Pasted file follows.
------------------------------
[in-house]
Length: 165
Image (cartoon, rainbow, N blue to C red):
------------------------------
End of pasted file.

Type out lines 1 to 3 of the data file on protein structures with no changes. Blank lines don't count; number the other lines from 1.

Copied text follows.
[in-house]
Length: 165
Image (cartoon, rainbow, N blue to C red):